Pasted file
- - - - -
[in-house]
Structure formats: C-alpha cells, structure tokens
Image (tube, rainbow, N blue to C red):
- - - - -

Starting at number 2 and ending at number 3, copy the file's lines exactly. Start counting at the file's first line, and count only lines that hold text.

Structure formats: C-alpha cells, structure tokens
Image (tube, rainbow, N blue to C red):